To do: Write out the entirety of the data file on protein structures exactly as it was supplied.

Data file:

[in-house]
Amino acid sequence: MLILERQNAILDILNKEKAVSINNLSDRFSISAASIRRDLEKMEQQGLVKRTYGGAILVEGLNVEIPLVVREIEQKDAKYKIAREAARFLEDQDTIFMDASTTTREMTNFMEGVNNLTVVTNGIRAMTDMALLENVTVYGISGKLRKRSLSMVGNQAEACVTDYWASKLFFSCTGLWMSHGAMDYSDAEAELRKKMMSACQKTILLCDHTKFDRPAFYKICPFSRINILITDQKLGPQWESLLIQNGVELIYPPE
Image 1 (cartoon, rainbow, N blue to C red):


[in-house]
Amino acid sequence: MLILERQNAILDILNKEKAVSINNLSDRFSISAASIRRDLEKMEQQGLVKRTYGGAILVEGLNVEIPLVVREIEQKDAKYKIAREAARFLEDQDTIFMDASTTTREMTNFMEGVNNLTVVTNGIRAMTDMALLENVTVYGISGKLRKRSLSMVGNQAEACVTDYWASKLFFSCTGLWMSHGAMDYSDAEAELRKKMMSACQKTILLCDHTKFDRPAFYKICPFSRINILITDQKLGPQWESLLIQNGVELIYPPE
Image 1 (cartoon, rainbow, N blue to C red):